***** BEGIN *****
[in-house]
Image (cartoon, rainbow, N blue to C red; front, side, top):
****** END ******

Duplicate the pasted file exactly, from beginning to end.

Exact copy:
[in-house]
Image (cartoon, rainbow, N blue to C red; front, side, top):